One was a C-123 pilot in Pat’s squadron, and the other a Marine major. They both come from the same little town in Georgia, with less than 15,000 population. They both won the Medal of Honor for gallantry and bravery over and above the call of duty.

I don’t think that has ever happened before. I told them when I leave here tonight I am going over to tell another great Georgian goodby, who served under two Presidents—8 years—longer than any Secretary of State, I believe, except one.

I am going to decorate him, too, because although you in the Senate have not always agreed, you have not been as close to him as I have, and I think I have spent more time with him than his wife has in the last 5 years.

I don’t believe either of those Georgia boys wanted to see peace come any faster or quicker or surer than his Secretary of State who comes from Cherokee County, Georgia, too.

So as we leave, we have had lots of debates on the domestic matters and the war, and that is why we have this system of checks and balances. I don’t have an enemy in this Senate so far as I am concerned.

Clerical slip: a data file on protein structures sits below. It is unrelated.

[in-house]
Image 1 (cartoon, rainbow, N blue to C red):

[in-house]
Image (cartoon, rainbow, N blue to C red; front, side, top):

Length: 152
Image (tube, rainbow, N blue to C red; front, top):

I don’t feel any bitterness toward a single man. A lot of you have opposed a good many things I stood for, and I have opposed a good many things you stood for.

But I have been treated fairly and friendly, and when I look over the record of 35 other Presidents, I have been treated as well as I deserve—and better—and I am mighty grateful to every one of you.

I am particularly grateful to Senator Mansfieldand Senator Dirksen for asking me, and Senator Goldwater for his good sportsmanship and long friendship. As a matter of fact, in a troubled period of our life his ham radio came in with my son-in-law—that Barry arranged. As a matter of fact, my daughter thought Barry ought to be the Commander in Chief.